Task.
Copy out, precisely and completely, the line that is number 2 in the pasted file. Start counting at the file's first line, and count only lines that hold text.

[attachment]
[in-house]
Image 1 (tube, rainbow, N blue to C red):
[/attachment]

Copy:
Image 1 (tube, rainbow, N blue to C red):